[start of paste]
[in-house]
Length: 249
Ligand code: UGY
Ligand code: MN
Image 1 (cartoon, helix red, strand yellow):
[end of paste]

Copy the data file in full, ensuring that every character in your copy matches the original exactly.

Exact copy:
[in-house]
Length: 249
Ligand code: UGY
Ligand code: MN
Image 1 (cartoon, helix red, strand yellow):